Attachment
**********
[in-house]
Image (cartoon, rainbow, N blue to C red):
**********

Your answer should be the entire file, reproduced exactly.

[in-house]
Image (cartoon, rainbow, N blue to C red):